FACT SHEET: CHINA AGREEMENT
On August 26, 2022, the Public Company Accounting Oversight Board (PCAOB) signed a Statement of Protocol with the China Securities Regulatory Commission and the Ministry of Finance of the People’s Republic of China, taking the first step toward opening access for the PCAOB to inspect and investigate registered public accounting firms headquartered in mainland China and Hong Kong completely, consistent with U.S law.
Three Keys to Complete Access
This is the most detailed and prescriptive agreement the PCAOB has ever reached with China. It includes three provisions that, if abided by, would grant the PCAOB complete access for the first time:
- The PCAOB has sole discretion to select the firms, audit engagements and potential violations it inspects and investigates – without consultation with, nor input from, Chinese authorities.
- Procedures are in place for PCAOB inspectors and investigators to view complete audit work papers with all information included and for the PCAOB to retain information as needed.
- The PCAOB has direct access to interview and take testimony from all personnel associated with the audits the PCAOB inspects or investigates.
Only a First Step
- While significant, the Statement of Protocol is only a first step. The real test comes next, as the PCAOB prepares to have inspectors on the ground by mid-September and begin conducting on-site inspections and investigations of firms headquartered in mainland China and Hong Kong.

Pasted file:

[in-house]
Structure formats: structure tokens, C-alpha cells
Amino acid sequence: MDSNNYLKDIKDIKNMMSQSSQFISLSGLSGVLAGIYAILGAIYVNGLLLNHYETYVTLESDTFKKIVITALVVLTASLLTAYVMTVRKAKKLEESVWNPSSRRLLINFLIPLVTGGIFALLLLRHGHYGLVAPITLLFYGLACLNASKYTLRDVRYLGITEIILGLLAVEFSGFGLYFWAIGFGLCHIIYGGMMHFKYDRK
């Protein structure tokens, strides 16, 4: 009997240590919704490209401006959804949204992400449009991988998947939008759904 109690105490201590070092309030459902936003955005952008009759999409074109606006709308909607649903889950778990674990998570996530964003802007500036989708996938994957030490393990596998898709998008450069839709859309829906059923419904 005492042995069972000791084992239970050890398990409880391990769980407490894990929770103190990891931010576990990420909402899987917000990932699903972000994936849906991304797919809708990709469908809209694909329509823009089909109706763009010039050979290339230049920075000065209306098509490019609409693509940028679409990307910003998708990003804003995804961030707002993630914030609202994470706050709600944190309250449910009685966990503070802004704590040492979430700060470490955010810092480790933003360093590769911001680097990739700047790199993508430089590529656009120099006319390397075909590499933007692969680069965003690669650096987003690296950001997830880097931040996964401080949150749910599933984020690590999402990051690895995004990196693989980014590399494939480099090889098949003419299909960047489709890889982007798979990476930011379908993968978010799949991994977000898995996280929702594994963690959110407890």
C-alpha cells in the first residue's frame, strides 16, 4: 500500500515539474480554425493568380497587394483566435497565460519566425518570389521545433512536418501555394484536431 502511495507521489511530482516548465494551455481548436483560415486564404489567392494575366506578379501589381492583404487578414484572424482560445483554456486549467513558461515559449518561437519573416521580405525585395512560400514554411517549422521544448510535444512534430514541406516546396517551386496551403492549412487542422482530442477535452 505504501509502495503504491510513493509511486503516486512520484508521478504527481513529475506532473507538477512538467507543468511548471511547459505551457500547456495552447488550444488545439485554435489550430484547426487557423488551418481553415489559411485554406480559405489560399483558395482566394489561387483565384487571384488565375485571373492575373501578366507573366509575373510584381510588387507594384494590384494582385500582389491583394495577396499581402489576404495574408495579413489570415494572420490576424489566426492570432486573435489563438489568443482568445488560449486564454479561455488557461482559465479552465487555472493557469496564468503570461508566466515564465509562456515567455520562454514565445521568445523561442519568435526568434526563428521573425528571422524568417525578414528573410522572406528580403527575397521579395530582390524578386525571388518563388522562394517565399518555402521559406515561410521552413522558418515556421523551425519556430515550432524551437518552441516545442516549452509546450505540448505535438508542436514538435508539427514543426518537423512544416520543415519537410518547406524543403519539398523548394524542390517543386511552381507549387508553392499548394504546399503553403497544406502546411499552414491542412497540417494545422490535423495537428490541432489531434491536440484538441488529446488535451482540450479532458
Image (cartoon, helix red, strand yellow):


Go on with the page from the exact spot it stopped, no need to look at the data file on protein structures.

- Whether the PCAOB can make a determination that China is no longer obstructing access depends on whether China abides by this agreement and allows for full and timely access to information.
- The Holding Foreign Companies Accountable Act is clear that the PCAOB must be able to inspect and investigate “completely,” and the PCAOB will demand the complete access the law requires.
Additional Background: The PCAOB inspects and investigates registered public accounting firms in more than 50 jurisdictions around the world, consistent with its mandate under the Sarbanes-Oxley Act. But, for more than a decade, the PCAOB’s access to inspect and investigate registered public accounting firms in mainland China and Hong Kong has been obstructed.
In 2020, Congress passed the Holding Foreign Companies Accountable Act (HFCAA). Under the HFCAA, beginning with 2021, after three consecutive years of PCAOB determinations that positions taken by authorities in the People’s Republic of China (PRC) obstructed the PCAOB’s ability to inspect and investigate registered public accounting firms in mainland China and Hong Kong completely, the companies audited by those firms would be subject to a trading prohibition on U.S. markets. Such a trading prohibition would be carried out by the Securities and Exchange Commission (SEC) and would apply to companies the SEC identifies as having used registered public accounting firms in mainland China and Hong Kong for three consecutive years.
In 2021, the PCAOB made determinations that the positions taken by PRC authorities prevented the PCAOB from inspecting and investigating in mainland China and Hong Kong completely.
The PCAOB is now required to reassess its determinations by the end of 2022.
FACT SHEET: CHINA AGREEMENT